Thursday, June 08, 2017

CWB Talks: Year-Long Investigation Of Private Security Began With Unanswered Questions About Pride Parade

Chicago Pride Parade marchers on Broadway in 2016 | CWBChicago reader
Our year-long investigation of private security patrols in Lakeview was never meant to be.

It all started by chance with this email to 44th Ward Alderman Tom Tunney on the day after the Pulse Nightclub shooting in Orlando last June:


Since 49 people had just been shot to death at a gay nightclub in Florida, we thought the questions were valid and of public interest.
1) How does the city verify that parade organizers will actually deploy all of the off-duty police officers that they say they will? 
2) How does the city verify that the persons hired as off-duty officers are, in fact, certified police officers?
Before the Pulse shooting, parade organizer Richard Pfeiffer repeatedly said he'd hire 160 off-duty cops | Grab 
Alderman Tom Tunney’s staff politely and promptly provided a response from Chicago Special Events Management, a private contractor who handles security for the Pride Parade and Pride Fest:
“Our security service is license [sic], bonded and insured, same group that does the neighborhood security for the Chicago Cubs.  Most are permitted for carrying firearms, a few are certified...but non carrying firearms.  All are certified security personnel.”
You may have noticed that they answered questions that we didn’t ask.  So we went back and politely restated our two questions again.
1) How does the city verify that parade organizers will actually deploy all of the off-duty police officers that they say they will? 
2) How does the city verify that the persons hired as off-duty officers are, in fact, certified police officers?
Tunney aide Chris Jessup suggested that we contact parade organizer Richard Pfeiffer and Special Events Management directly.

We did.

Neither of them responded. And Tunney’s office has never replied to any email on any topic that we’ve sent since. None. Not one.

However, officials immediately stopped saying 160 off-duty police and started saying "160 off-duty police and other security personnel."

Our curiosity was piqued.

Tom Tunney (3rd from left) at the city's pre-Pride Parade press conference in 2016 | Chicago Patch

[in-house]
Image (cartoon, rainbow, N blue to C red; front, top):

When the Cubs headed to the playoffs a few months later, the city and local officials again told the public that swarms of off-duty police officers would be in the area.

One night, during a home playoff game, two of us found ourselves sitting next to a couple of these “off-duty officers" at iHop in Boystown.

They both wore tactical vests with embroidered badges that looked like Chicago police stars that were mostly obscured by the yellow reflective vests that they wore on top.

They had walkie-talkies with the handpieces drawn up to their shoulders, and local police calls could be heard emanating from their radio speakers. One had a Chicago police checkerboard hatband wrapped around the radio cord. He looked to be all of 21-years-old.

The other had a CPD checkerboard winter cap in his pocket.

As our editors ate their pancakes and patty melt, the two “off-duty officers” began taking pictures of each other. They were behaving like children.

There was no way that they were police officers. None.

We started talking to some real cops. We started talking with security guards as they walked Boystown and Wrigleyville. We started talking to a lot of people.

Two months ago, as the series’ scope and topics began to gel, we approached a professional, seasoned journalist and convinced him to advise us on our work. We needed a “red team” to help us see what we were missing and to make sure we did everyone right.

The results of our efforts were posted this week.

Yet, a year later, neither the city nor the Chicago Pride Parade organizer nor anyone else will tell us…
1) How does the city verify that parade organizers will actually deploy all of the off-duty police officers that they say they will? 
2) How does the city verify that the persons hired as off-duty officers are, in fact, certified police officers?  
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